The key message in here is: The Cycle of Unlearning is a system you can use to change your mind-set when your performance fails.
Williams’s journey from defeat to triumph is inspiring for anyone with ambitious goals. But it also carries an important lesson for business leaders. Fresh off her first-place position, Williams returned to the court in 2011 by playing the way she always had. But she was no longer getting the results she wanted. This undermined her confidence, making her performance even worse. If your workplace performance has deteriorated, like Williams’s did in 2011, you need to change tactics. And that means unlearning.
The Cycle of Unlearning isn’t a training program or course – it’s a three-phase cycle that helps you let go of knowledge that no longer serves you, even if it’s brought you success in the past. This doesn’t mean dismissing wisdom you’ve gained from previous experiences. It means recognizing what’s outdated and seeking out fresh ideas and strategies.
Unlearning takes courage since you must venture into your discomfort zone by testing out new strategies. This feels risky, but it’s essential if you want continued success because we live in a time of rapid change. Knowledge is no longer something that can be passed from generation to generation, as it was for centuries. Now, it has a short expiration date, and we must learn to refresh our stock when we need to.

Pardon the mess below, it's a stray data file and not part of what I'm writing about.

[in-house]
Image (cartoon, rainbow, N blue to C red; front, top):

If you’re skeptical about letting go of strategies that have brought you success in the past, think about the companies that have stood the test of time – like Google and Apple. These companies have leaders who are willing to push themselves into uncharted waters, experiment to gain new knowledge, and pursue opportunities that inspire growth. If you’d like to join their ranks, you first need to understand what’s holding you back,